1. Cooked Foods
1.1 Cooking Impairs or Destroys Nutritional Value
In Section One of this subject, it was emphasized that shredding, grinding, blending, juicing and over-washing of foodstuffs impair their nutritional value. Cooking, of course, is the most destructive process of all.
When food is heated, all of the enzymes are destroyed. Very little, if any, Vitamin C can survive the process of cooking. Other vitamins and minerals are also impaired.
Amino acids (the building blocks of protein) are radically changed. The protein in raw nuts and seeds, and uncooked fruits and vegetables, are readily available to the body and are therefore said to be of high biological value. As the various stages of digestion occur, the long chains of amino acids are split for use by the body in synthesizing its own protein.
But when proteins have been cooked, or otherwise processed, they coagulate into enzyme-resistant linkages, so that cleavage by the body is inhibited and liberation of the amino acids for body use may not occur. This can result in putrefaction—decomposition of protein matter by micro-organisms, producing malodorous and toxic substances, evidenced by foul-smelling bowel movements.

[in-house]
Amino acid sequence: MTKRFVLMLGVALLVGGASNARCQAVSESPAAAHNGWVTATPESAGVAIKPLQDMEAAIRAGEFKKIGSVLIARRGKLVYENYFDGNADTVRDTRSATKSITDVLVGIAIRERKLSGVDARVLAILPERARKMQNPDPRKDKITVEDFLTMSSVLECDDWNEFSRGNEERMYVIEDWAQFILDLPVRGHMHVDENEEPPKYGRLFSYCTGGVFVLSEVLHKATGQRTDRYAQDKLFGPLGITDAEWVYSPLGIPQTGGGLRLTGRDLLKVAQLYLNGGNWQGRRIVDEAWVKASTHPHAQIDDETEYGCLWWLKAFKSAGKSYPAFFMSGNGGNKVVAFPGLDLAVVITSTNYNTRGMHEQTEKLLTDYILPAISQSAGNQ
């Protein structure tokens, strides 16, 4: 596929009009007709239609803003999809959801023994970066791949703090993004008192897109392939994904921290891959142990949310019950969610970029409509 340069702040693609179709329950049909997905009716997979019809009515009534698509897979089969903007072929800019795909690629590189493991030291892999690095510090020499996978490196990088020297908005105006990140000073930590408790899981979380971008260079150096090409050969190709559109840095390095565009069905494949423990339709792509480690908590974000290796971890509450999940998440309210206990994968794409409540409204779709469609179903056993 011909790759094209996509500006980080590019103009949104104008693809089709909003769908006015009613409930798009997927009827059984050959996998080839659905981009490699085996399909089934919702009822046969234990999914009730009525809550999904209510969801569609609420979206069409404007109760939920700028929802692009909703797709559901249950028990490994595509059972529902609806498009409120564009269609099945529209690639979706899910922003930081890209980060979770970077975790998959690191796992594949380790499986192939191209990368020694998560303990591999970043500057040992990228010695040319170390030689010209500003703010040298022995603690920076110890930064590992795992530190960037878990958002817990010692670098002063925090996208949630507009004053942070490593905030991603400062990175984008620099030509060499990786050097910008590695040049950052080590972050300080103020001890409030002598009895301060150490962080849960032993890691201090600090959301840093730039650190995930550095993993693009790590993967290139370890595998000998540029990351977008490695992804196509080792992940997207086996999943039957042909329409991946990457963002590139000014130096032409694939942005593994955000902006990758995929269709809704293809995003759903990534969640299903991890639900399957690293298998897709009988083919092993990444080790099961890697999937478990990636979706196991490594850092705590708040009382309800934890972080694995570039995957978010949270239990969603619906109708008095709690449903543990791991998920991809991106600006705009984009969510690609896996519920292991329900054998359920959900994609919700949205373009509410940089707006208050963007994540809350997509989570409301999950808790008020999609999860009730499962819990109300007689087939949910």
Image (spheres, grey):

The subject of the contraindications to the use of cooked food will be treated in greater depth in a future lesson.
1.2 Deviations from the Ideal Hygienic Diet
At no time should we compromise the three major tenets of the Hygienic food program:
- Whole foods are superior to fragmented and refined foods.
- Raw foods are superior to cooked foods.
- Plant foods are superior to animal foods.
Admittedly, because of various anatomical, physical (or emotional) weaknesses and defects, not everyone can adhere to the philosophical dietary ideal with complete success. (See “Hygienic Considerations In The Selection of Foods” by Dr. Ralph C. Cinque, in the Supplementary Text Material section of this lesson.)
However, it is of major importance that the student first understand what constitutes an ideal diet—before he can be competent to make decisions about deviations from this ideal—either for himself or for others.
Realizing that many people may not be ready, or willing, to immediately embark on an all-raw food program, Lesson 27 includes recipes for more or less conservatively cooked foods.
Less harmful substitutes for conventional recipes are provided, to enable people who insist on using cooked foods to do it with the least possible destruction of nutritional value compatible with the desired result.
- 1. Cooked Foods
- 2. Preparation Of Cooked Foods
- 3. Miscellaneous Recipes
- 4. Recipe Conversions
- 5. Questions & Answers
- Article #1: Your Probing Mind By Virginia Vetrano, B.S., D.C.
- Article #2: Hygienic Considerations In The Selection of Foods By Ralph C. Cinque, D. C.
- Article #3: How To Get More Food Value for Your Money By Marti Fry